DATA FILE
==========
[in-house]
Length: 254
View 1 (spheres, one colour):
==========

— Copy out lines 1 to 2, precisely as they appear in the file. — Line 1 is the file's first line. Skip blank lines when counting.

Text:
[in-house]
Length: 254